What’s your name??
I was quietly beginning my morning ritual of swimming laps at the local pool, and a man I recognized but didn’t remember where or how began that conversation. I don’t remember the specifics. Don’t ever do that to your doctor. We know some of you very well and will never forget you, and then some of you are, honestly, quite forgettable. You aren’t bad people or folks that we didn’t do our very best to care for you but you probably had something that was, for us, quite mundane and ordinary, yet, for you, a big deal in your life. It disrupted your usual situation, may have made you take off work or school, it hurt a lot, made you cry and in general was relatively catastrophic. For us, just another broken arm or leg or elbow or whatever. The sheer volume is what makes it hard to remember.
And we feel bad when we don’t. We like to think that we care for everyone with the utmost interest and enthusiasm, and it makes us feel like we have let you down when we don’t remember your name and everything about you. We can’t. There is just too much.
Think about it. The week starts on Monday (well it really doesn’t ever “start” or “end” because we work weekends and nights but just let’s use this as a starting point). I don’t like to do elective surgery on Monday. The labs aren’t back, or the last instructions and visit for the patient was on Friday and they have forgotten or misplaced anything they were told. The paperwork isn’t always where it should be and the OR folks can be a bit sluggish from their weekend. So Monday is a office day. We usually see the folks that were seen over the weekend as “work-ins” and so even with the new scheduled patients, it’s a busy day. The morning is manageable with around 18 -20 folks but the afternoon can run up to as many as 20-25. So lets say 40 patients on Monday.
Tuesday is an OR day in the morning and rechecks in the office in the afternoon. 3 people in surgery in am and 25 in the afternoon. So ballpark 28 folks.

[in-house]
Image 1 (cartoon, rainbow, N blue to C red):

Wednesday is a mirror image of Monday but with less “work ins” and so lets use 35 as a good number in the office.
Thursday is just like Tuesday so we can ball park another 28 patients.
Friday is unique. I wanted to incentivize getting all the claims in and all the work done for the week so the office folks could leave after lunch if everything had been taken care of, and the morning was usually office with surgery in the afternoon, again, taking care of “left over” injuries from the week. So, 18-20 patients including the surgery patients.
Monday 40 Tuesday 28 Wednesday 35 Thursday 28 Friday 20. Grand total= 151. Per Week.
151 per week times 48 weeks per year (holidays vacation etc) = 7,248 patients /year
Over a twenty-year period of practice, 144,960 patients. That is the population of Savannah, Georgia in 2015/16!!! And don’t forget, each one of these folks knows or is related to a number of people who will remember you took care of their loved one/neighbor/coworker. And they all may remember you. But there is NO WAY you could remember all of them.
My grandfather was a proctologist (look it up) and a colorectal surgeon in Atlanta. His standard jokes were that he was going to be a dentist but couldn’t stand the smell of people’s breath. The other one was that he never remembered anyone’s FACE.
So, we do remember a lot of you. And if you are remembered, you must be special in some way. Not necessarily a “good way” but usually. And if you are not right on the tip of our tongue, don’t feel left out! Savannah Georgia is a big town!!!!